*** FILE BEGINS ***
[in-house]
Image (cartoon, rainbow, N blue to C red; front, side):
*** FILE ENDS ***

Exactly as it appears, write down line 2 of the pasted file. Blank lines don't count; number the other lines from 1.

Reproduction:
Image (cartoon, rainbow, N blue to C red; front, side):